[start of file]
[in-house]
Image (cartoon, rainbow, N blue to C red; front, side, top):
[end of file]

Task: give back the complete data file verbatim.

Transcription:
[in-house]
Image (cartoon, rainbow, N blue to C red; front, side, top):